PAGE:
With a $14 billion backlog in unmet transportation needs, and thousands of miles of roads and bridges in unacceptable conditions, we must take action. Too many of our roads are filled with potholes and congestion, which cost our people hundreds of dollars in maintenance costs and hundreds of hours in wasted time. That is why we are investing over half of our state’s surplus on transportation and infrastructure needs.
Our investment in new roads and expansion will benefit several vital projects in Louisiana, including the expansion of I-12 in greater Baton Rouge area and in Slidell…four-laning LA 28…expanding I-49 South along US 90 in Lafayette…and completing another segment of I-49 North in Shreveport. By investing in the maintenance of our existing roads, repairing our crumbling bridges and improving the condition of our rural roads, we can begin to erase the years of neglect that have hindered economic growth in our state.
We must also make investments in our ports. With the widening of the Panama Canal expected to be completed in 2014, many of the larger cargo ships will be able to reach the Gulf of Mexico. We must invest in our ports like Mobile and Houston continue to do, and keep our place as a leader in international trade. Our state has five of the nation’s largest ports, and that is why I propose to fund all projects in the port priority program, as well as the expansion of the Port of New Orleans and the Port of Terrebonne. This investment will lead to thousands of additional skilled jobs, and one company has already agreed to create 1,000 new jobs with an average salary of over $50,000.
We must also focus on coastal restoration and hurricane protection. The time for studies is long past. The deterioration of our coastline weakens our abilities to protect against future hurricanes, and affects the ecosystem of the entire region.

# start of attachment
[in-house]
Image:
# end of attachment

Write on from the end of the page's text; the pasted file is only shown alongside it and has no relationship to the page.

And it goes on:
That is why we must use $300 million, the largest financial commitment in our state’s history, for hurricane protection and coastal restoration. This will not only serve to improve our levees and flood and hurricane protection infrastructure, but will help in protecting our state’s seafood industry, ports, and energy sources.
We must also send a strong signal to the rest of the nation when it comes to our commitment to make Barksdale Air Force Base the permanent home to the Air Force’s Cyber Command.
Having the framework for the facility based in Bossier is undoubtedly a success already but in order to ensure Barksdale continues to be the home of Cyber, I have proposed a $57 million investment in this special session to improve access along Interstate 220 and make the site even more attractive.
From my meetings with Air Force Secretary Michael Wynn and the President, I know the Air Force is looking for more than promises; they are looking for commitment through action. This investment will put Louisiana in a strong position to bring Cyber Command to Louisiana, bringing thousands of good jobs to Louisiana and transforming the entire I-20 corridor.
This is an ambitious agenda that recognizes our most critical priority of transforming the business climate so our children do not have to leave Louisiana to pursue their dreams.
By investing in ourselves and our future, we are investing in the success of generations to come.
(Bobby Jindal was sworn in as Governor of Louisiana on January 14, 2008. He was elected Governor of Louisiana on October 20, 2007, winning 60 of 64 parishes. He attended Brown University where he graduated with honors in biology and public policy. Following his graduation from Brown he attended Oxford University in England as a Rhodes Scholar.)